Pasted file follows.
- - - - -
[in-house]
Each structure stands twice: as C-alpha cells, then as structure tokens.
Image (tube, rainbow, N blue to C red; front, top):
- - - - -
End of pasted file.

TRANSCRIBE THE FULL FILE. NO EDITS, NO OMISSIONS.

[in-house]
Each structure stands twice: as C-alpha cells, then as structure tokens.
Image (tube, rainbow, N blue to C red; front, top):